Pop-Ups Are Back: Will They Continue to Predict Houston's Culinary Future?
An all-star team in the kitchen at one of chef Justin Yu's Money Cat pop-up dinners: (L-R) Terrence Gallivan, Seth Siegel-Gardner, Chris Shepherd and Yu.
Photo by Mai Pham
Restaurants such as The Pass & Provisions, Oxheart and Goro & Gun are already so firmly affixed in Houston's culinary firmament that it's sometimes difficult to believe the restaurants which are bringing so much attention to our city's food scene have only been open for a year -- or less, in the case of month-old Goro & Gun.
And for those three restaurants in particular, we have pop-up dinners to thank. Pop-up dinners can range from a one-off meal to a supper series across weeks or months, staged by a chef (and usually a few of his friends) in a kitchen that's not his own. It may belong to another restaurant, to a bar or even to a friend's house.
For a few breathless months in 2011, pop-up dinners swept across Houston like wildfire. There were the Money Cat brunches held at Paulie's, where chef Justin Yu prepped palates for his eventual, dizzying turns on vegetables and seasonal Gulf Coast fare at Oxheart, which opened a year ago and recently garnered a glowing review from New York Times food critic Pete Wells.
Gardner plating food at a Pilot Light dinner.
Photo by Adrienne Byard
There were the Pilot Light dinners that sold out in half an hour, held across town as bosom buddy chefs Seth Siegel-Gardener and Terrence Gallivan sought investors for their just-crazy-enough idea of a haute-hip restaurant-within-a-restaurant: The Pass & Provisions. The Pass -- the tasting menu-only portion of the restaurant, which mirrors those summer Pilot Light dinners right down to the service and plating -- recently earned a hard-won four stars from the Houston Chronicle's food critic, Alison Cook.
The youngest of the three restaurants, Goro & Gun, is the culmination of a Japanese noodle obsession that began when owner Joshua Martinez began hosting ramen pop-ups at Montrose dive bar Grand Prize. Bar owners Ryan Rouse and Brad Moore became Martinez's partners when he decided to park his food truck, The Modular, and open a brick-and-mortar location for his ramen restaurant downtown.
A pop-up lobster dinner at Grand Prize Bar from The Modular.
Photo by Katharine Shilcutt
And those pop-up dinners don't even count long-running Ghetto Dinner series at Grand Prize, where chef Adam Dorris showed off the skills that eventually got him hired as chef de cuisine at Stella Sola and, later, Revival Market. Nor the Les Sauvages dinners in which chef Justin Basye -- now doing R&D at Pappas -- partnered with everyone from chef Chris Shepherd of Underbelly to chef Ryan Hildebrand of Triniti to create a series of sold-out dinners during the summer of 2011.
These pop-up series weren't a means of wiling away the humid doldrums of summer. They were portents of Houston's culinary future, appetite-whetting glimpses into the sort of cooking that was about to set the city on its ear. They were dinners that began to toll the bell signaling to long-time restaurateurs that the time for resting on laurels was over, or at least that was the hope I expressed in December 2011 at end of a thrilling year:
It may be a slow process, but the way that Houstonians are eating is gradually changing. No longer willing to pay just for a name or a scene, savvy diners are looking to pay instead for an experience, for thoughtfulness, for passion, for creativity and for a more communal eating experience in which few if any boundaries exist between patron and chef.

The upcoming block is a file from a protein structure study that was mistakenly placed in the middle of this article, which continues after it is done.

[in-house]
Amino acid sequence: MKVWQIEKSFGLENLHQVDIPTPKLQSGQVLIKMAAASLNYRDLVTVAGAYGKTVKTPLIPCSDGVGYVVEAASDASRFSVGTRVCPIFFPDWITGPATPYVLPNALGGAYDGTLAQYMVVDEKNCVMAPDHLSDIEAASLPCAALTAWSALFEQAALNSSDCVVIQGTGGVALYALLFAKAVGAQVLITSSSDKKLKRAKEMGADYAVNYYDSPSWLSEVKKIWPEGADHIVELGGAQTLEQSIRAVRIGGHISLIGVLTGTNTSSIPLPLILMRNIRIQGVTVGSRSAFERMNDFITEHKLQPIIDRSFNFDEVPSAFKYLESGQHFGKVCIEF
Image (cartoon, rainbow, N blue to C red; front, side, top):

These people -- these diners and chefs -- are the future of Houston's culinary scene.
And after a busy 2012 in which those chefs found the homes the deserved, a spree of new pop-up dinners are popping up again.
Austin King in the kitchen at a Yaki Snack Attack pop-up dinner.
Photo by Katharine Shilcutt
Yaki Snack Attack has been popping up with pleasing regularity at Grand Prize, where Austin King creates head-cocking, eye-popping dinners such as a Southern-fried dim sum menu which offered such dishes as boudin tucked into lo mai gai-style lotus leaves, deviled eggs baked into dan tat egg custard tarts and shrimp-and-grits taro cakes. Perhaps one day King, who has big dreams of his own, will be cooking out of his own kitchen instead of the small quarters in the rear of a divey former sports bar.
Chef L.J. Wiley recently returned to Houston after a two-year stint in New York City, offering a well-attended pop-up series at Kitchen Incubator in which he showcased his expressive, inventive Mexican cuisine along with former sous chef Vincent Huynh. Wiley plans to open a taco truck soon, serving much of the same modern Mexican food that drew raves at Yelapa -- albeit on a much smaller scale. Huynh, who's currently cooking at Heights grocery mecca Revival Market, is gearing up to open Coltivare with owners Morgan Weber and Ryan Pera.
L.J. Wiley recently hosted two well-attended "Yelapagain" dinners at Kitchen Incubator.
Photo by Katharine Shilcutt
Elsewhere in the Heights, chef Richard Knight recently announced his intention to start a new restaurant after the impending closure of his nose-to-tail restaurant, Feast, this August. That restaurant will be a joint venture with Down House owner Chris Cusack and chef Benjy Mason: a British-American restaurant to showcase Knight's English background, located not too far from Down House in the Heights.
In preparation for that new restaurant, Knight is treading familiar territory. He and Mason will be hosting pop-up dinners while the restaurant is built and its menu created. If the city's previous high-profile pop-up dinners are anything to judge by, Knight and Mason won't just be testing out their recipes on willing guinea pigs -- they'll be allowing Houston diners to have a hand in shaping the city's culinary future once again.
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